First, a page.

From season to season, high-end bridal fashion shows always have patterns and trends. From smaller details to over-arching styles, there are always common elements that observers love to find. The 2019-2020 bridal fashion season has seen a number of similarities, from bows to jumpsuits to high necks to Meghan Markle-inspired everything. However, one trend that has been impossible to overlook is the rise of mod wedding dresses, pulling from the style sensation of the 1960s. This particular bridal trend is both unique and sweet, featuring touches from the past that are still striking.
The mod craze was a massive part of the 1960s, and for a while was the ultimate in high fashion—which is why it’s no surprise that shades of it still appear in couture today. You can see that this elegant design from the Monique Lhuillier Spring 2019 Collection is a near replica of this lovely mod creation circa 1964, but has added its own modern touches.
Short, boxy mini dresses were a staple of mod fashion. Sophie et Voilà’s recent design on the left echoes this style with its short hem, bare arms, and high neck. Perfect for a casual wedding ceremony, elopement, or reception dress, this couture creation is nothing short of mod-tastic.
Further into the mod revolution, the style began to incorporate other 1960s fashions that were becoming popular—such as Edwardian hippie looks. Mod was still mod, but now other elements were being incorporated, such as long puffed sleeves (as seen above) and button-ups. The dress above from Danielle Frankel’s Bridal Spring 2019 New York Collection would have fit in perfectly in the mid-1960s, and makes a chic choice for bridal events, a casual wedding, or the second reception dress.
For the most part, 1960s mod dresses were short—micro-minis, in fact. However, there were mod maxi dresses out there, and nothing replicates this style more beautifully than this Viktor & Rolf floor-length gown from the Bridal Spring/Summer 2019 Mariage Collection. Embellished with very 1960s-style florals, this stunning bridal dress just radiates with a mod edge.
The mod style gave women a very pure, angelic look. This is something that many brides want to have, and it’s easy with the ushering in of mod wedding dresses this season. The gorgeous design above by Viktor & Rolf from their Bridal Spring/Summer 2019 Mariage Collection is a perfect example. Its high neck and angled shape is extremely haute, and couldn’t be more mod. The floral embellishment also radiates the 1960s, and makes the ideal choice for brides who are looking for a mod wedding dress.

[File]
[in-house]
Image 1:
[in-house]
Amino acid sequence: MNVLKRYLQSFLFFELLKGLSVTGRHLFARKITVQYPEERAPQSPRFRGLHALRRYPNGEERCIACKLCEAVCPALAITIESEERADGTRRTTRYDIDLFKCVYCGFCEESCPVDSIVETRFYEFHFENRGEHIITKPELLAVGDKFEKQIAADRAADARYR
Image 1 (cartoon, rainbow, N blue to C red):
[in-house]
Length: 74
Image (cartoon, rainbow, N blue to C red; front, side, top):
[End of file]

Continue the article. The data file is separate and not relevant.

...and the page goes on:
Another look straight out of the 1960s, this Danielle Frankel Spring 2020 design calls to mind the silhouettes and vibe of the mod world. Bridal two-piece ensembles such as this are one of the biggest bridal trend this season, and with good reason: many brides are choosing to trade traditional gowns in for a more modern, of-the-time look. This design would also be ideal for the reception.
Mod fashion paved the way for its sub-style, space age fashion, which was like the wild younger sister of mod. Space age featured lots of plastic, cut-outs, and see-through material. The design above from Alexandra Grecco’s Spring 2019 bridal collection echoes mod/space age fashion beautifully by combining the factors of a see-through cape, a mini-hem, and go-go boots. Another perfect dress for a low-key ceremony or for dancing at the reception.
“Mod wedding dresses” can mean many things. The 1960s style featured all sorts of details that are considered “mod”, from geometrical shapes to bows to high hems. Each of these details can be added to a more modern look, which can automatically make that design feel “mod”. In the examples above, the Viktor & Rolf wedding dress (middle) feels very “mod” due to its large bow and its embellished top, very much like the 1960s photo comparison. And the Rita Vinieris suit from the Spring 2019 Collection (far right) echoes the wide tailoring and lace. Although it may feel subconscious, these mod elements being added to modern styles is noticeable.
The mod style was much about simplicity, as evidenced by the vintage image above. Elegance and sophistication were never sacrificed, but only enhanced with the paired-down designs of the 1960s mod styles. A great example of this is the absolutely gorgeous wedding dress above from Sophie et Voilà. Its high neck, mod triangular shape, and bare arms recall the chic vibe of the swinging London in the 1960s.
Shirt-dresses like the one Twiggy is wearing above were a major part of the mod style in the 1960s, and as you can see, this style still works fantastically. The Viktor & Rolf dress above from the bridal Fall/Winter 2019 Mariage Collection would be right at home in the pages of any Vogue from the mid 1960s, and makes another lovely choice for brides who are looking for something casual or are searching for their ideal reception dress.
As you can see, the biggest bridal designers of this generation are happy to borrow the sleek, chic, simple designs that the mod 1960s gave us. With modern additions and twists, mod wedding dresses are still going strong and offer brides a very haute option to celebrate their big day. And if you’re looking for both a timeless mod wedding dress and a timeless wedding venue with plenty of beauty, space, and amenities, please contact us to tour Platinum Banquet Hall in person!